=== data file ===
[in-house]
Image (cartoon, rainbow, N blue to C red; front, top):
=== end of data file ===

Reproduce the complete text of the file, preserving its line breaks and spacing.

[in-house]
Image (cartoon, rainbow, N blue to C red; front, top):